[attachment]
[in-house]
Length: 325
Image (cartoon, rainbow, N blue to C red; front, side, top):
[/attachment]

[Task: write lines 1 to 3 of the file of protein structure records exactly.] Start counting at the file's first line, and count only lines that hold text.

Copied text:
[in-house]
Length: 325
Image (cartoon, rainbow, N blue to C red; front, side, top):